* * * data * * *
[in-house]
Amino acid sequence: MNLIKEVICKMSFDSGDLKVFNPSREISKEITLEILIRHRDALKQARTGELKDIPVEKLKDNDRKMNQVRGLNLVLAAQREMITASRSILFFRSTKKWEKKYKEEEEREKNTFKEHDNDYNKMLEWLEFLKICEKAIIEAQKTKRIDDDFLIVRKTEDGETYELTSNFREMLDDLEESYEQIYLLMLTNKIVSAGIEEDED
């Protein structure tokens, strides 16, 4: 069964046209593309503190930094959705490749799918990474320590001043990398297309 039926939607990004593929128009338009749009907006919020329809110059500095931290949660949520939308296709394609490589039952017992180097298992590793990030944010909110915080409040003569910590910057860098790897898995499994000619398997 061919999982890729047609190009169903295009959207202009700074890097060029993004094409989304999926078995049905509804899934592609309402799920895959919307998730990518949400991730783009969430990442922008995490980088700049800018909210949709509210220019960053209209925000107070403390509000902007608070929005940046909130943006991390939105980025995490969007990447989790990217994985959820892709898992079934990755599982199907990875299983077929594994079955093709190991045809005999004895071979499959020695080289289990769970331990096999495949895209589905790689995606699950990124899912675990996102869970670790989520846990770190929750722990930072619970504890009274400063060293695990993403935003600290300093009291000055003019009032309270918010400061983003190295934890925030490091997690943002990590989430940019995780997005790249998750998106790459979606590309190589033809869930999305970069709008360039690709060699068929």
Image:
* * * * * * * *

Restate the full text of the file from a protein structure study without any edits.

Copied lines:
[in-house]
Amino acid sequence: MNLIKEVICKMSFDSGDLKVFNPSREISKEITLEILIRHRDALKQARTGELKDIPVEKLKDNDRKMNQVRGLNLVLAAQREMITASRSILFFRSTKKWEKKYKEEEEREKNTFKEHDNDYNKMLEWLEFLKICEKAIIEAQKTKRIDDDFLIVRKTEDGETYELTSNFREMLDDLEESYEQIYLLMLTNKIVSAGIEEDED
């Protein structure tokens, strides 16, 4: 069964046209593309503190930094959705490749799918990474320590001043990398297309 039926939607990004593929128009338009749009907006919020329809110059500095931290949660949520939308296709394609490589039952017992180097298992590793990030944010909110915080409040003569910590910057860098790897898995499994000619398997 061919999982890729047609190009169903295009959207202009700074890097060029993004094409989304999926078995049905509804899934592609309402799920895959919307998730990518949400991730783009969430990442922008995490980088700049800018909210949709509210220019960053209209925000107070403390509000902007608070929005940046909130943006991390939105980025995490969007990447989790990217994985959820892709898992079934990755599982199907990875299983077929594994079955093709190991045809005999004895071979499959020695080289289990769970331990096999495949895209589905790689995606699950990124899912675990996102869970670790989520846990770190929750722990930072619970504890009274400063060293695990993403935003600290300093009291000055003019009032309270918010400061983003190295934890925030490091997690943002990590989430940019995780997005790249998750998106790459979606590309190589033809869930999305970069709008360039690709060699068929």
Image: